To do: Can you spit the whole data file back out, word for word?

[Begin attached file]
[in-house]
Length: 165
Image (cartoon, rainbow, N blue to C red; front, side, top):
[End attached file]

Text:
[in-house]
Length: 165
Image (cartoon, rainbow, N blue to C red; front, side, top):